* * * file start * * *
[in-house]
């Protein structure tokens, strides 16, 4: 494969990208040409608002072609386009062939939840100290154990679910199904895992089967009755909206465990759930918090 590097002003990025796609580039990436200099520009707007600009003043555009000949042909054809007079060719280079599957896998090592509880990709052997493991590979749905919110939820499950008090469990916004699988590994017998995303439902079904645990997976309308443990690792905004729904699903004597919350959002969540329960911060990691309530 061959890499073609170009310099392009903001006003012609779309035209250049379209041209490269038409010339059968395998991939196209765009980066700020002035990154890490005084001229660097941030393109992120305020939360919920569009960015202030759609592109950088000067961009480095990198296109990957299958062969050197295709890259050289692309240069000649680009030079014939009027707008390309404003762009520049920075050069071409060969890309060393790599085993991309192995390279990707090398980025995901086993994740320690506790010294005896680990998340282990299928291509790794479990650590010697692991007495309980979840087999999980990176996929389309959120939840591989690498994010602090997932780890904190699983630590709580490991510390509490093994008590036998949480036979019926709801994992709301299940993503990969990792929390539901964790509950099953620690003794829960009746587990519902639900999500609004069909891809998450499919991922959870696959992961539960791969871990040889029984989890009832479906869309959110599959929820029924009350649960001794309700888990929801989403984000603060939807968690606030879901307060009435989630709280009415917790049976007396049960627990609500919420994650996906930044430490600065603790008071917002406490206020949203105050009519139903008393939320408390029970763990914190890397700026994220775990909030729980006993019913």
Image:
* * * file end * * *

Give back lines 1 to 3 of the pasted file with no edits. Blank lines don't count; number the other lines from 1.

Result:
[in-house]
């Protein structure tokens, strides 16, 4: 494969990208040409608002072609386009062939939840100290154990679910199904895992089967009755909206465990759930918090 590097002003990025796609580039990436200099520009707007600009003043555009000949042909054809007079060719280079599957896998090592509880990709052997493991590979749905919110939820499950008090469990916004699988590994017998995303439902079904645990997976309308443990690792905004729904699903004597919350959002969540329960911060990691309530 061959890499073609170009310099392009903001006003012609779309035209250049379209041209490269038409010339059968395998991939196209765009980066700020002035990154890490005084001229660097941030393109992120305020939360919920569009960015202030759609592109950088000067961009480095990198296109990957299958062969050197295709890259050289692309240069000649680009030079014939009027707008390309404003762009520049920075050069071409060969890309060393790599085993991309192995390279990707090398980025995901086993994740320690506790010294005896680990998340282990299928291509790794479990650590010697692991007495309980979840087999999980990176996929389309959120939840591989690498994010602090997932780890904190699983630590709580490991510390509490093994008590036998949480036979019926709801994992709301299940993503990969990792929390539901964790509950099953620690003794829960009746587990519902639900999500609004069909891809998450499919991922959870696959992961539960791969871990040889029984989890009832479906869309959110599959929820029924009350649960001794309700888990929801989403984000603060939807968690606030879901307060009435989630709280009415917790049976007396049960627990609500919420994650996906930044430490600065603790008071917002406490206020949203105050009519139903008393939320408390029970763990914190890397700026994220775990909030729980006993019913």
Image: